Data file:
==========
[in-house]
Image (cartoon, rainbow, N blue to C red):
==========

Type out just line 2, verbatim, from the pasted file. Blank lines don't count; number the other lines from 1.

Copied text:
Image (cartoon, rainbow, N blue to C red):